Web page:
DIARY OF A WIDOW: THE MOURNING

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Adenike Ladipo 

 

 

 

 

 

 

THE MOURNING

My 41 days mourning started. After the burial, I was told I have to keep a vigil that night, because I must not go to sleep as my husband was laid to rest the same day, I stared at everyone around with questions in my head, I never heard of that before, I began to ask why, the only answer I got was, it is tradition and must be observed….hmmmm, I sighed, all for the dead. I actually wondered, what if I slept, what would have happened, would the man come to pull me away in my sleep, has there been such instance where the widow slept and it was reported she died before morning.

I looked forward to what the vigil would look like, is it praying all night or just sitting and staring. Suddenly in a flash, I remembered the last vigil I had, it was with Mr Ladipo, after we finished praying, we just sat down gisting, catching up on moments we spent together and the children. I couldn’t help but think about it, because each moment represents events in the past. Just unexpectedly, friends started arriving, according to them, they have all come around to sit with me and watch me go through it all as the night ushers me into the mourning proper.

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Indeed that night was of mixed feelings, it seemed a long one, I just sat down in a spot and they did all the talking. we prayed, sang, shared testimonies, talked about others who had been in my situation, every effort was to inject some energy into me and give me some encouragement. But while all this was going on, it was a stormy experience inside my head, it was riddled with uncertainty, confusion was the word. In spite of my gloomy mood, they were able to pull some smiles from me with their jokes. I will agree with the Yoruba adage which says “eniyan laso mi” people are my covering, but mind you, only the good people can cover in the stormy times of our lives. We were there until the wee hours of the morning.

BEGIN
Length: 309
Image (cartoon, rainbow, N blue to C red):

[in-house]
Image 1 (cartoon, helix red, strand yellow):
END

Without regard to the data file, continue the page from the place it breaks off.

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I was told to select a few clothes to wear through the mourning period as I would not have the need for many and also they would be burnt off after the whole process, I must not step out of the house, the sun must not touch me neither must I be beaten by the rain, no escorting of visitors, not even to the door, I must remain seated all through when receiving visitors. I sat with misty eyes while all these rules, dos and don’ts were reeled out

The day came and went quietly; people were still coming on condolence visit. Where we sat talking, just suddenly I heard a scream from outside my house, I jumped up and on impulse made for the door of the balcony to check what had happened, like a flash, two people ran to stop me from stepping out, one from the back the other blocked the exit. I was initially shocked and a bit agitated, before I could voice out a word, they started telling me how it was a taboo for me to even show up my face outside, it was a big argument we had, but I gave in, lost my steam, and just burst into tears, I felt like a prisoner in my own house!

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I began to think about it all, is this how it’s going to be for the next 41 days, I might just lose my mind in the process. Thank God I love to read, its one hobby I will ever be grateful to God for. I delved into my book shelve and brought out old books, novels and motivational books, in fact anything in print was attractive. I consciously made up my mind to stay positive in spite of it all.